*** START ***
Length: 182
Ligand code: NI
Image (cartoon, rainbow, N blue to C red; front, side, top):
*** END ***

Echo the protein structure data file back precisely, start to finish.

Length: 182
Ligand code: NI
Image (cartoon, rainbow, N blue to C red; front, side, top):